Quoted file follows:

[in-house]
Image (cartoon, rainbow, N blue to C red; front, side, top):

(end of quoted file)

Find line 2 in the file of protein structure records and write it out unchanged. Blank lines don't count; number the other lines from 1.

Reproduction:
Image (cartoon, rainbow, N blue to C red; front, side, top):